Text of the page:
In your phone you are using apps to communicate with your friends. Which apps are you using to communicate? Do you phone more often or write?

 If the person is close to you, you can call or text with WhatsApp or with a similar app, but no one is using those with multiple people. The SnapChat is the most common one then. I personally don’t like the app but because I want to get in contact with people, I must have it. Instagram is an option, but it is more for the people you don’t know at all. Maybe you see someone very cool, a person that you want to know, and you send a private message and say: “Wow, you seem like a very nice person. I would like to know you.” Maybe you see a SnapChat from there and start talking. I’ve heard so many people done it. You can call SC, you can send the message and the picture with it. You can do basically anything. It is funny because it has filters. You can search any filter that you want. It might be a picture of a dog or a dog face or whatever you want. That’s the big part of the app. It is a fun way of contacting people.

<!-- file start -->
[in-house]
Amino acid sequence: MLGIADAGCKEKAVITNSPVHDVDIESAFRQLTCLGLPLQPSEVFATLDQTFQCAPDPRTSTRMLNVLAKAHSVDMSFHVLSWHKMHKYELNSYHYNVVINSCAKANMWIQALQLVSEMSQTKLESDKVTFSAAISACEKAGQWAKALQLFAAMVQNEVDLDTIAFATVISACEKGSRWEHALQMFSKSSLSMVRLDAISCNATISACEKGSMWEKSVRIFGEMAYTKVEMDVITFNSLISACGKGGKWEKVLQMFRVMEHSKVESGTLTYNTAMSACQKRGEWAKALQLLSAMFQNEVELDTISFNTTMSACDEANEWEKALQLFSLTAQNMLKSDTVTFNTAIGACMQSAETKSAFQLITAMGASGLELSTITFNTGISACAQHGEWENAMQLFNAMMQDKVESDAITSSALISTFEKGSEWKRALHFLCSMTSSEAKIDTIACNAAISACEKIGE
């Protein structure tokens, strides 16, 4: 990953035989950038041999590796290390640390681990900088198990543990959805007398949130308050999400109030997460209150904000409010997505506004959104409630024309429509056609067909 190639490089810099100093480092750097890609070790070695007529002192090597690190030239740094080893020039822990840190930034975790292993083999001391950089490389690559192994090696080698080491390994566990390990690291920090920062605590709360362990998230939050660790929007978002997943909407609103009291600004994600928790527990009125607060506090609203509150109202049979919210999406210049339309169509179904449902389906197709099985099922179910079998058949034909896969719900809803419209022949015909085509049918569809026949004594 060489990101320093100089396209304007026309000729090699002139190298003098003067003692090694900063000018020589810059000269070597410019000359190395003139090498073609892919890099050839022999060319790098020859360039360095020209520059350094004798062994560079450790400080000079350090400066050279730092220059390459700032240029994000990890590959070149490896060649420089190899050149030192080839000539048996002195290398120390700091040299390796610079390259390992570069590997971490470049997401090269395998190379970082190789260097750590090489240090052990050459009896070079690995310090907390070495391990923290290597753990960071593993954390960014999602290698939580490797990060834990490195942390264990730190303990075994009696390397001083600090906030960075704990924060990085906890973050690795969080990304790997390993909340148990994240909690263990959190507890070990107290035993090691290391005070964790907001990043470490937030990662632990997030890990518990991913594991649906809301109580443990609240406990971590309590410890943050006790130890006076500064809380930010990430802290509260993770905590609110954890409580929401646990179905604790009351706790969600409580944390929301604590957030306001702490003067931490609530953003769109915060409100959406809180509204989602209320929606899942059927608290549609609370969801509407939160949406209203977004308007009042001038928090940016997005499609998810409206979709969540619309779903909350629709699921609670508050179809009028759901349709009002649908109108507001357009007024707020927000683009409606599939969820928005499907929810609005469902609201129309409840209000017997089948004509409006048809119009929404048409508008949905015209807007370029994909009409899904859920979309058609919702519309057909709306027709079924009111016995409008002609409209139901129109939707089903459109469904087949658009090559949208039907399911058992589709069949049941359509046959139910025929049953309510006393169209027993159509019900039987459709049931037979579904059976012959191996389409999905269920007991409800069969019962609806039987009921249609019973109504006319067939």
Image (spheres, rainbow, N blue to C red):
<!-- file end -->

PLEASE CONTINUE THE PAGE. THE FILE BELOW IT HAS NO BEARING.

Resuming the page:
What social media are you mostly using to present yourself? To show some stuff or your regular dog walks? You are doing diving and having a mermaid character. What about your fellows, are they supportive? Are you visible with this identity or? How do you call it?

 I think for representing style is Instagram. To present your casual life and what are you just doing is SnapChat, too. There are stories that you film about your life. All your friends and others who follow you there – they will all see it. But you can also send things privately. There are live forms there where you can have a group chat. This is more for the casual things but Instagram you use if you want to show how do you dress and how you want to be seen.